4 57.1 3 42.9 0 0.0 0 0.0 0 0.0 0 0.0 7 100.0
How often application is not successful 3 100.0 0 0.0 0 0.0 0 0.0 0 0.0 0 0.0 3 100.0

With respect to cases with vulnerable adult witnesses, 57.1% of judges stated that applications under s. 486.3 are never made and 42.9% said that they are occasionally made. When asked how often these applications are not successful, all judges responded never. When asked their reasons for granting the application in these vulnerable adult cases, the following comments were provided:

Attitude of the accused was vengeful/angry.

To ensure a full and candid account and ensure no intimidation of the witness.

(1) Crown convinced court that witness was vulnerable and shouldn't, given the nature of the charge and the specifics of the allegation, be subjected to cross by the alleged perpetrator; (2) the accused was anxious to agree with the Crown's request because it gave him the opportunity to access legal advice that he could not otherwise gain because not eligible for Legal Aid program but not able to afford private counsel; (3) it was obvious to the court, based on exchanges with the accused in open court, that while his demeanour toward the court was appropriate, it was very questionable whether he was adequately equipped with skills to enable him to conduct an effective examination.

Table 3.6 presents the most common point in the proceedings that applications for counsel for self-represented accused are made. According to 42.9% of respondents, these applications are most likely to be made during the pre-trial hearing conference. Equal proportions of judges stated that these applications are likely to be made at the start of the trial/preliminary inquiry (28.6%) and during the trial/preliminary inquiry (28.6%).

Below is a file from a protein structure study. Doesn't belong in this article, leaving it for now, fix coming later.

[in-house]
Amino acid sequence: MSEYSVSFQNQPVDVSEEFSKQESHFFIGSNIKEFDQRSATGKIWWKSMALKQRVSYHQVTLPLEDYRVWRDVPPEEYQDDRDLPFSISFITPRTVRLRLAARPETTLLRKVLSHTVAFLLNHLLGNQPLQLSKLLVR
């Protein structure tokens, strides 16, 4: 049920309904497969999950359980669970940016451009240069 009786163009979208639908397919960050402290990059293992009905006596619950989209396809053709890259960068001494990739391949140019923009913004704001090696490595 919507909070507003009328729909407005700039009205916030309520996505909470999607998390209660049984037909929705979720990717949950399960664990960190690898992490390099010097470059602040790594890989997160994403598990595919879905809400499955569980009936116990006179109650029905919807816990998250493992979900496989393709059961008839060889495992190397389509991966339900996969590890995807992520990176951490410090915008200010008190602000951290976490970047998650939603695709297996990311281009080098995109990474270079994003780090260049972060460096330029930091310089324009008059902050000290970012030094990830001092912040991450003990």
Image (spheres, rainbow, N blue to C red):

When asked if they had experienced any problems with the implementation of s. 486.3 or if they had any suggestions for further reforms, the following comments were offered:

There is too much delay in getting counsel appointed.

In BC there is no provision for paying counsel appointed by the court.

There should be a pre-hearing conference in all cases where the victim is under 18.

The court should have full discretion/the court should be able to question for clarification.

3.3.5 Video-recorded Evidence

Of the 30 respondents who indicated that they were aware of the provisions contained in Bill C- 2, 50% (n=15) stated that they have used the video-recorded evidence provisions (ss. 715.1 and 715.2) since January 2006. As presented in Figure 3.2, almost one-half (47.6%) of provincial court judges have used these provisions, while over one-half (55.6%) of superior court judges have used it.

Table 3.10 presents the characteristics of judges’ cases involving the use of this provision. With regard to cases involving a child witness under the age of 18, 12 respondents (80%) stated that applications for the use of video-recorded evidence are made occasionally, while one judge each reported that this occurs sometimes, almost always, or always. When asked how often these applications are not successful, the substantial majority of respondents (85.7%) said never, while 14.3% said sometimes. Reasons given for denying these applications were that the video was problematic and that they were not necessary. In cases with vulnerable adult witnesses, no judge reported that an application for the use of video-taped evidence was made.